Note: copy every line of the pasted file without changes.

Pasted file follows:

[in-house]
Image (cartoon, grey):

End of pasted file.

[in-house]
Image (cartoon, grey):